Recently as I sat in on a key spouse meeting, I was told to be at the ready to help out a woman whose husband is deployed. At the moment she is on our squadron’s do not contact list, but recently found herself calling one of our colonels to help get her to the emergency room. Much to our relief, she is going to be okay.
In instances like these I’m so thankful to be part of a squadron that is tight knit enough that people can feel comfortable enough to approach at least one person in their times of need. Still, I’m left wondering what made this woman decide to put herself on the do not contact list in the first place.
Has she had negative experience with a prior squadron? With our squadron? Is she shy, or feel that she is better off going it alone, instead of bothering someone?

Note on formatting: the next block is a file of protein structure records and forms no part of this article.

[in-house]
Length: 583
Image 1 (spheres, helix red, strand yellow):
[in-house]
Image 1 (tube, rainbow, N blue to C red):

Whatever her reasoning, I can only hope that in time she’ll consider accepting the invite to be cared for by others within the squadron. We may not all come here knowing one another, but this is a world wherein the help of a previously unknown face can be what gets us through the day.
Choosing military life can set one up for a lonely experience. There is little to no room for reclusiveness if we are to thrive under our unique circumstances. Sometimes the only thing keeping us from being truly friendless is our willingness to let others in, even when every internal fiber wants nothing more than to resist an offer for help, or to turn down that slightly awkward invite for coffee.
Keep in mind that that slightly awkward invite for coffee stemmed from someone putting herself out there.
Do yourself a favor, and take it. Take a chance to move past your comfort zone, and the most you lose is an hour or two of your time.
What you have to gain is substantially more.